Learning to float...but not wanting to get water in his ears.
kicking, while making sure he holds his entire head out of the water
waiting his turn again
sort of a jump...making sure not to splash his face
talking...what he does best
can he stop talking long enough to learn how to blow bubbles? This would also require getting his face in the water...
but my stubborn boy figured out a way to do it without actually getting his face in there...
Wait, is it, I think it is! I think his face is getting wet!And more talking.
Come on, jump! He did jump a couple of times, but the 2nd time he bumped his rear end on the side of the pool and that was the end of that. Now he will only half jump/half slip into the water - making incredible efforts to keep from splashing water in his face.
Swimming and talking just don't go real well together. But overall he's doing great at the lessons, if we could just get him to feel confident jumping in again. And not being worried about getting water in his ears or eyes. Maybe we'll try goggles soon. I know the chlorine content of the pool is extremely high, my eyes start burning as soon as we walk into the pool area.
Now for the really exciting part of our first swim lesson. When we arrived it was sunny and cool and beautiful, and nothing was forecast to change. As you can sort of see in the pictures, the doors to the pool were open to outside and it was sunny the whole lesson. Gordon and I went back into a room that is separate from the men's and women's locker rooms - for "family use". It was the first time I was in this room, it is just a long corridor with a couple of handicap bathrooms, a door to the pool area at one end and a door leading to the interior of the club at the other. While I was trying to peel wet swim trunks off of Gordon someone came and slammed the door to the pool area shut and as he did he said "we have to shut this when it rains". I didn't have time to say anything but thought...what rain? Then as I got Gordon dressed we heard a very loud roar - and my immediate thought was to look at the walls - cinder block - that is good, but I also thought - it can't be a tornado, it is sunny out! But then suddenly the room went black. So black I could not see the hand in front of my face, no emergency lights, no reflectors, no sunlight, just pitch black. Gordon said "Mommy?" I tried to open the door that man had just shut and it was locked. I banged on it. Nothing. So I just held on to Gordon and felt around for his clothes and bag and my purse in the dark, when I thought we had everything I held onto him and just walked with my other hand on one wall to feel our way to the other side where there was another door. We made it down there and thankfully it wasn't locked, and there was just enough light to make out other people - but not even enough to see their faces. The roar had stopped but you could now hear heavy rain. It was surreal it happened so quickly. One woman and I started talking. She had been in the workout room and it was full of people running on treadmills and climbers - when the power was knocked out it was instantly and the machines just stopped, a couple of people fell but were not seriously hurt. That room has floor to ceiling windows facing the parking area and she said that people were shouting "tornado" and saw a funnel cloud. We stood in the dark while more people kept pouring in from classrooms. Finally we walked to the front (which is all glass) and it was very eery looking outside, that greenish metallic look to the clouds that were rolling by in the sky. The rain was slowing down some, so I decided to go. It took us so long to get home because all of the traffic lights were flashing and it was 5 pm, a huge mess. And even worse, the downed trees - there were big branches all over the roads. The news showed a couple of houses on the same street where we had our swim lessons - two were crushed by several large pine trees that were uprooted and blown down, thankfully in both cases the people were not home or injured. Our street was full of branches, and one enormous old tree was across the road - but thankfully there are two other ways to get through the neighborhood so no one was stuck, and it was just amazing that the tree fell the way it did, it was right on a curved part of a road with houses so close together - it fell in the only direction that kept it from hitting a house. It was a close call for sure for everyone. It appears the funnel cloud just touched trees and did not actually hit ground. Here is just a picture of the stormy sky I took from Battleground Ave. Here is one taken the next day of the top half of the tree in our neighborhood - I wish I had gotten the nearby house in the picture for perspective or a picture of the bottom portion which was really enormous, the root "crater" was big enough to put a car into it.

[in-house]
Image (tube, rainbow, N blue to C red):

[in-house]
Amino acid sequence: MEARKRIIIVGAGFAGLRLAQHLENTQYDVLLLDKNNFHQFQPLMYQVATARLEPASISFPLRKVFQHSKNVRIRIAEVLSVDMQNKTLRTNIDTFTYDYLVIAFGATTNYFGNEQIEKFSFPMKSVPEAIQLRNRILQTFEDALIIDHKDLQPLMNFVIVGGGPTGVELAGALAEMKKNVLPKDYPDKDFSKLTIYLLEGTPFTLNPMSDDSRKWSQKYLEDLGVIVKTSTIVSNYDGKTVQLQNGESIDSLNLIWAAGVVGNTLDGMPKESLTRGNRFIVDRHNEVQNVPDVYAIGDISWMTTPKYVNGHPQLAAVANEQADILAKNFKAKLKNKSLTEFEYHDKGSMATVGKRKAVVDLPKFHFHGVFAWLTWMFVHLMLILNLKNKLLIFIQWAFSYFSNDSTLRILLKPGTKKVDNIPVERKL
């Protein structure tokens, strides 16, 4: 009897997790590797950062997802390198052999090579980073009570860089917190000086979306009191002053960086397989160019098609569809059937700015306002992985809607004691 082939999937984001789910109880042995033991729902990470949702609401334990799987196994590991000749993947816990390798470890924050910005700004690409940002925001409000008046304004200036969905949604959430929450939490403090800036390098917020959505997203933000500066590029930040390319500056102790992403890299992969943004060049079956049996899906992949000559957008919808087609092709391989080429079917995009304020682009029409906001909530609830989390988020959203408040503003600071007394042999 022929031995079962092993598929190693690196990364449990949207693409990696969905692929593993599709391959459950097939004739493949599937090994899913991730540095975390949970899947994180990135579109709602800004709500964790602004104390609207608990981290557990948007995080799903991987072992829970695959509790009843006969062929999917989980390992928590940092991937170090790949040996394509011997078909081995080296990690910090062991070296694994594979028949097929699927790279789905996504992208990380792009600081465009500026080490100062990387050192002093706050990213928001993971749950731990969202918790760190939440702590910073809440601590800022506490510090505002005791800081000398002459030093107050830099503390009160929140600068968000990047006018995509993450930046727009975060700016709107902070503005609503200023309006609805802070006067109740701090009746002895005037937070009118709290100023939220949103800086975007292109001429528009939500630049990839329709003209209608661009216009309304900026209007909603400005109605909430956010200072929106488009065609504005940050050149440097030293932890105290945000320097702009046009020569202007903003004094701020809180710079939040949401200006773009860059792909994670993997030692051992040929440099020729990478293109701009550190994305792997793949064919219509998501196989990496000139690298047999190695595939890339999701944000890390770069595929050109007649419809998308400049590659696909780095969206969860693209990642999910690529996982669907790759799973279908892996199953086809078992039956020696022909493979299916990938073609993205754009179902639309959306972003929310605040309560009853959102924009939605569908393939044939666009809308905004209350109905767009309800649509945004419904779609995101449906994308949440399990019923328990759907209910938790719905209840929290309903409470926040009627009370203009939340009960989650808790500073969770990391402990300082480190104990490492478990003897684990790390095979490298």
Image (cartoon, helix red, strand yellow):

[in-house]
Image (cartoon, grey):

A lot to be grateful for and something to always remember about our first swim lesson!